Is an arbitration between two domestic companies arising from a contract for a shipment between two foreign countries an “international commercial arbitration” for the purposes of the UNCITRAL Model Rules, particularly if the arbitral agreement requires arbitration in a foreign location?  And if it is, does the domestic court have any residual discretion to stay the arbitration and allow the court action to proceed? 

Those are the important issues which the Superior court of Ontario faced in Star Tropical Import &Export Limited v. International Management Consortium Ltd.

The facts in this case raised a conflict between the court’s sense of fairness, and the rigidity and almost total absence of discretion in the Model Rules.  How should a court resolve this conflict?

The two agreements in question were made in Canada between two companies carrying on business in Ontario. The agreements provided for the receipt of sugar in Brazil and the delivery of the sugar in Ghana.  The first contract dated November 2006 required all disputes to be settled in Paris or Zurich by arbitration under ICC Rules. The second agreement dated April 2007 stated that it replaced the first agreement and provided for arbitration under the “Refined Sugar Association” rules.  Those rules stated that disputes were to be resolved by arbitration to be held in London, U.K.

Problems with the performance of these contracts ensued.  In October 2007, Star Tropical commenced an action in Ontario against International Project and one of its officers.  In November 2007, International Project wrote to Star Tropical stating its position that the dispute must be resolved by arbitration.  But International Project took no steps to commence arbitration, and delivered no Statement of Defence in the Ontario action.  It consented to several orders reviving the Ontario action when it was struck out for the failure of the parties to advance it.

In November 2010, three years after the action was commenced with no Statement of Defence having been delivered, International Project brought a motion to stay the Ontario action on the basis that the dispute was required to be resolved by arbitration.  In its motion, International Project relied upon the stay provisions of Ontario’s domestic Arbitration Act, 1991.  It did not rely on the Ontario International Commercial Arbitrations Act (ICAA) which incorporates the UNCITRAL Model Rules. 

Article 1(3) of the UNCITRAL Model Law states that an arbitration is “international” if:

(a)     at the time of the conclusion of the agreement, the parties had their places of business in different states: or

(b)(i)  the place of arbitration determined in or pursuant to the agreement is outside the    state in which the parties have their places of business; or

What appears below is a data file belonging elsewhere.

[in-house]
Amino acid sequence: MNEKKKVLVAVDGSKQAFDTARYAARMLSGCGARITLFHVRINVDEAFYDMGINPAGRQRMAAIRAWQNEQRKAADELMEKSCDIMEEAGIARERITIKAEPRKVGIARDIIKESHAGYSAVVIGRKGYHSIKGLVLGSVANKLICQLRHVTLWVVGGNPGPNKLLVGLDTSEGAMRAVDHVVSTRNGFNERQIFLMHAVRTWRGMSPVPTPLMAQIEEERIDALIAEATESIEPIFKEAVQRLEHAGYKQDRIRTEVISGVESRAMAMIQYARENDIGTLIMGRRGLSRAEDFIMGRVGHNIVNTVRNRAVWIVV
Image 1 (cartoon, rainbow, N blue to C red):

(b)(ii)   the place where a substantial part of the commercial relationship is to be performed, or in which the subject matter of the dispute is most closely connected, is a place outside the state in which the parties have their places of business; or

(c)   the parties have agreed that the subject matter of the agreement relates to more than    one country.

The Master of the Ontario Superior Court noted that section 2(3) of ICAA states that, despite Article 1(3) (c) of the Model Code, an arbitration conducted in Ontario between parties having their place of business in Ontario is not international only because the parties have expressly agreed that the subject matter of the agreement relates to more than one country.   While the Master said that section 2(3) helped to answer the question before the court, he did not say how that subsection could apply to the provisions of Article 1(3) other than clause (c).

The court concluded that the agreements did not give rise to “international commercial arbitrations” to which the ICAA and the Model Law applied.  The reasons for so concluding are not entirely clear.  The court appears to have decided that Article 1(3) (a) did not apply since the parties were Ontario corporations.  The Ontario court was clearly concerned about sending two parties off to arbitrate in Europe when they were both located right in Ontario.  However, Article 1(3) (b) (i) apparently applied to the facts because the state where the arbitration was to be held (France or Switzerland, or the U.K. if the second agreement applied) was not the state where the parties carried on business (Ontario or Canada). 

This result could be avoided if the court were to hold that, by repeatedly using the plural word “places” in the expression “places of business” in Article 1(3), the Model Rules only intended an arbitration to be “international” if the parties are located in different states.  This conclusion does not seem appropriate since Article 1)3)(a) deals specifically with that situation and therefore the disjunctive provisions of Article 1(3)(b) and (c)  are logically not restricted to that situation.  

The court did not expressly address Article 1(3(b)(ii) which also apparently applied.  The receipt (in Brazil) or delivery (in Ghana) of the sugar seems to have been substantial parts of the commercial relationship between the parties.  The states where those activities were to occur were not states in which the parties carried on their business (Ontario, Canada).  Perhaps the court considered that, since there were two places of performance, neither place predominated.  However, Article 1(3) (b) (ii) says “a substantial part of the obligation” not “the substantial part”.  Thus, an agreement may be substantially performed in several places, only one of which need be different than the parties’ place of business.